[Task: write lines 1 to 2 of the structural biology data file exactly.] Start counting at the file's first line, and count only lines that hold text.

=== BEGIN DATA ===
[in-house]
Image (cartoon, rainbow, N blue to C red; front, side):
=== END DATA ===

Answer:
[in-house]
Image (cartoon, rainbow, N blue to C red; front, side):